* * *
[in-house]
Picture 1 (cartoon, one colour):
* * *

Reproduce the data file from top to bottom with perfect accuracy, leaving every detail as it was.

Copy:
[in-house]
Picture 1 (cartoon, one colour):